A Pittsburgh homeowner who recently bought an exterior door from Legacy Remodeling called back soon after the product was installed requesting two more with storm doors. “She said she didn’t realize what a difference they made,” CEO Ken Moeslein says.

Many homeowners think about entry doors only when they have to. When someone calls Home Visions, in Beltsville, Md., inquiring about door replacement, “it’s usually an operational issue,” project manager Josh Spence says. “The door doesn’t close, it doesn’t lock, or they’ve had a break-in.” Entry doors, he says, are “a fashion item, but that’s not why [consumers] are buying them.”

Big Opportunities, Little Effort Made

Why consumers are buying the doors depends on if and how a company is pitching them. Sales and marketing consultant and REMODELING columnist  Mike Damora calls door products “the red-headed stepchild of home improvement,” and says that company reps often fail to mention them on their window calls because the idea of adding $6,000 to $10,000 to a deal is “too scary.”

That neglect is gold for some companies. John Wilding, owner of FAS Windows & Doors, in Orlando, Fla., says that his 2014 marketing plan involves building door displays for home shows, not only because the traffic is there but because so few window companies bother to.

But whether prompted by a failing door or by curb appeal, homeowners are on the lookout for reputable window and door companies—those that are assertive can move a lot of product. The key is knowing how to help customers select something they will like. “It’s not a slam, bam, thank you ma’am sale,” says Bob Mikaelian, co-owner of Toms River Door & Window, an operation where sales divide evenly between windows and doors. Even if homeowners have done their research, an exterior door sale is typically a two-hour meeting where color, materials, configuration, glass package, and hardware are sorted and selected, says Scott Burns, co-owner of Next Door & Window, in Naperville, Ill. It’s not only about wowing customers, he says, it’s about establishing the value of a product that homeowners typically believe costs less than $2,000, or whatever big-box retailers are advertising. For home improvement companies dominant in doors, big-box retailers are the major competition.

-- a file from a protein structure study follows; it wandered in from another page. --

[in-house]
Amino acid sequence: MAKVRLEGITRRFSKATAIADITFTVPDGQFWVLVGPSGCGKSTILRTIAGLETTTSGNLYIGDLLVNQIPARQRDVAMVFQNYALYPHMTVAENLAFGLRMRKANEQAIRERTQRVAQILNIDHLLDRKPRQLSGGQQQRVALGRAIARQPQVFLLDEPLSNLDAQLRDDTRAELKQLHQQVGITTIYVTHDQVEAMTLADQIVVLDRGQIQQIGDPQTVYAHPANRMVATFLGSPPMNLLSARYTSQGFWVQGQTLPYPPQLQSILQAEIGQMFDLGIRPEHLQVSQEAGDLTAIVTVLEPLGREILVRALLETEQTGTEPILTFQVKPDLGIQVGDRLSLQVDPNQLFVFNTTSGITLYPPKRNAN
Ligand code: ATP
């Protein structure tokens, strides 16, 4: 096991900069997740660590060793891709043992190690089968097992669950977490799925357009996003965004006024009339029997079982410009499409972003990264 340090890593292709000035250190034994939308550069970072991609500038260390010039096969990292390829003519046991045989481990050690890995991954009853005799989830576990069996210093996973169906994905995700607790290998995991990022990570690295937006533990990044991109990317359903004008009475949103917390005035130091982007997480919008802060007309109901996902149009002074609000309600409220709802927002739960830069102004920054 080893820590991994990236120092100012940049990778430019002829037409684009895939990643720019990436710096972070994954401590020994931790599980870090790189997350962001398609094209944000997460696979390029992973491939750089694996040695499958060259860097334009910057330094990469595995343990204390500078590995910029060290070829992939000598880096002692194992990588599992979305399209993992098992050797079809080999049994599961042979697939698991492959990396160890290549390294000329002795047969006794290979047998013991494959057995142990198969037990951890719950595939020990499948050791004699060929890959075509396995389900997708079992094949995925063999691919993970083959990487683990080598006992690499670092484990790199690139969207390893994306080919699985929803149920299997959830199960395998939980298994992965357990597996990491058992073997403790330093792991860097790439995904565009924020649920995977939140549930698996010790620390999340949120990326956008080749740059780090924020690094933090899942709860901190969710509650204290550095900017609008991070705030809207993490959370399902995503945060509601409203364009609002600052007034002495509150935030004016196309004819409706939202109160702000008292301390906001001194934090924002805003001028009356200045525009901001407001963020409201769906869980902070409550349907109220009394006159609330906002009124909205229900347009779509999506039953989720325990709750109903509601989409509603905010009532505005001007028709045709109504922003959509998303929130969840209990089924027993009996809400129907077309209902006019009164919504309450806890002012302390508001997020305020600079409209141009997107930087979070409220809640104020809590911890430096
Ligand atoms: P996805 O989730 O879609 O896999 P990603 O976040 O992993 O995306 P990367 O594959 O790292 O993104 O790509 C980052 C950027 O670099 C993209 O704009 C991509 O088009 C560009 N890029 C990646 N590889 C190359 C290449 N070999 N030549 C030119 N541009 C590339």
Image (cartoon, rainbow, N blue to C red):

What’s on Their Minds?

People decide to buy doors for one or several of these reasons: • Security. Especially if the homeowner had a break-in. And probably the biggest reason why, according to the latest (2012/2013) report from market researcher Ducker Worldwide, steel continues to be the most widely used exterior door material (51% of units shipped last year), with fiberglass (36%) gaining and wood (13%) fading. The 2013 Remodeling Cost vs. Value Report shows steel entry doors as the project returning the most value—85.6%—of the 35 listed. (By contrast, real estate agents see fiberglass entry doors returning about 65% of cost in a real estate transaction.)